Marriage within family: 4 states, UTs from South India top list; women bear the brunt

The rate of consanguineous marriages in Tamil Nadu, Karnataka, and Andhra Pradesh is more than double of national average of 11 percent.

ByAjay Tomar

Published Aug 01, 2022 | 8:00 AM Updated Aug 02, 2022 | 2:57 PM

Consanguineous marriages are defined as marriage between people who are blood relatives. (Creative Commons)

V Sunitha (name changed) was in 1990 married to her mother’s brother — whom she used to call “uncle” — at the tender age of 16.

The now 49-year-old private school teacher from the Guntur district of Andhra Pradesh regrets many aspects of that alliance, the least of which was the fact that she married a blood relative.

“I had a hard time coping with family issues. My husband (uncle) didn’t readily welcome my thought process, choices, and decisions in the initial days. It remains that way even after so many years, but only on certain issues,” Sunitha told South First.

She is not alone in her regret or when it comes to women and girls being married off to their blood relatives — for whatever reason — in the southern part of the country.

Sunitha is, in fact, part of a startling statistic: five states and Union Territories of South India top the National Family Health Survey (NFHS-5) list of consanguineous marriages as a percentage of the population.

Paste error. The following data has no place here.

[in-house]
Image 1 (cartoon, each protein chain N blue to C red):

“Such marriages are quite common in my community/caste. I have a good number of cousins and relatives who are married to their blood relatives. You can find at least two-three marriages in almost every generation,” Sunitha told South First.

The percentage of consanguineous marriages in South Indian states is more than double the national average, which lies at 11 percent.

Why does it still happen?

Noted sociologist R Indira attributed the prevalence of consanguineous marriages — especially in South India — to three factors: caste, class, and inheritance.

“No matter how modern the times we live in, caste is rampant in the social order. People are okay with intra-family marriages because they do not condone alliances from different subcastes, let alone the same caste,” she explained to South First.

“This is because of the notion of ‘purity’, ‘pollution’ and protection — staying in one’s own clan and caste — as they believe their daughters will be secure marrying people they know,” said Indira.

“Afraid of losing family wealth to people outside it” was another factor, the feminist thinker and writer explained.

She said, “As land is a symbol of power in a patriarchal society, wealthy families don’t want their property to move outside the family tree. Such families are afraid of losing their status in society.”

Founder of the Mysuru-based social service organisation Odanadi, KV Stanley, relies on his experience of dealing with the rehabilitation of trafficked women to concur.

“People in many parts of India still have an ancestral mindset, due to which property is seen as an important part of marriage, be it small holdings group or large. They feel happy to give it to their own blood,” he told South First.

Future with consanguineous marriages?

Indira believes that marriage within blood relations has indirect impacts if not a major direct impact.